Regular-article-logo Sunday, 24 September 2023

Learning and stress begin early for kids, say Calcutta panel

How soon is too soon for a child to start learning formally?

Jhinuk Mazumdar Calcutta Published 17.07.19, 09:01 PM
Participants at the conference for early childhood educators, parents and mentors on Saturday.

Participants at the conference for early childhood educators, parents and mentors on Saturday. Picture by Sanat Kr Sinha

How soon is too soon for a child to start learning formally? Heads of high schools and preschools sought an answer to this critical question at a panel discussion on Saturday.

A daylong conference on Crossing the Line organised by the Early Childhood Association, in association with The Telegraph, for early childhood educators, parents and mentors included a discussion on Transition from Preschool to High School.


Efforts to make a child ready for school and bringing forward the learning create stress, the panelists said at Bengal Chamber of Commerce and Industry.

“The pressure of trying to make the child ready for school creates an environment of stress from Day 1 and instils fear for school in the child. Why are we trying to bring on things before he or she can take it in?” asked Rupkatha Sarkar, the principal of La Martiniere for Girls.

Sarkar said the child should not be taught anything but be allowed to express himself or herself. “Just be a friend to that little girl or boy who comes to you. Don’t teach them anything. Help them to listen to music, help them to play, help them to enjoy nature,” she said.

But parents, in their anxiety to admit their children to a particular school, often end up creating stress for the young ones. That anxiety often comes across when parents want to know from preschool teachers not what the child is doing in school or if he or she is enjoying but whether s/he is “ready for high school”, teachers said.

Few high school seats and the fact that not all who apply can be taken in builds up the pressure for parents, early educators said.

“What are the criteria for rejecting a child? Parents are worried about rejection and that is why they are anxious. The reason is that schools are few. If more good schools come up, they can fulfil this need of anxious parents,” said Paramita Biswas, founder, Association Montessori Internationale.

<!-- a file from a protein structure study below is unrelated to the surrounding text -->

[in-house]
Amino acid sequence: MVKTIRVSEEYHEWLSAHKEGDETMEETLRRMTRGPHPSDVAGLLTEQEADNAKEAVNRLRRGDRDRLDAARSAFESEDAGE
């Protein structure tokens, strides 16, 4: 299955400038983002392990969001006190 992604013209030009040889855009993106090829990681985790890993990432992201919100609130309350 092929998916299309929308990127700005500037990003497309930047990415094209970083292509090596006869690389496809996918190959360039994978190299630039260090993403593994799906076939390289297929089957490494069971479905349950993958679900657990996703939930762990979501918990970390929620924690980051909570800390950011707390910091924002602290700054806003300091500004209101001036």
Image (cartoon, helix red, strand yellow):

But teachers agreed that parents were often “hyper” about getting their child admitted to a particular school and they had questions like whether the playschool had a tie-up with a high school or whether there was a syllabus for a particular school.

“Children should only be playing and having a good time in preschool. It should be an extension of home. The preschools need to make children cross the midline and help them attain skills they need to go to high school,” said Suman Sood, the director of Mongrace Montessori House and chief territory mentor of Early Childhood Association.

The moderator of the panel discussion, radio host Jimmy Tangree, said parents needed to be educated about the effects of pressure.

“The stress percolates down to the child as well. If a fear or anxiety is instilled in the child, it will remain for a long time. The body language of parents and non-verbal communication is also important for the child to be relaxed,” said Shamik Ghosh, a paediatrician.

Ghosh said the education system was geared towards the best student in class or the fastest sprinter. “The education system focusses on how much a child can achieve at a certain developmental age rather than age appropriate milestones,” said the president of the New Kolkata Academy of Paediatricians.

Ranjan Mitter, the principal of Future Foundation School, talked about value education in the early years.

Another high school head said formal schools were now a social platform. “A school is less about learning new things in terms of knowledge and more about being able to socialise, learning life skills, associating and communicating with people. This is important because there are more nuclear families and kids need to learn social skills,” said Satabdi Bhattacharjee, the principal of The Newtown School.

Follow us on: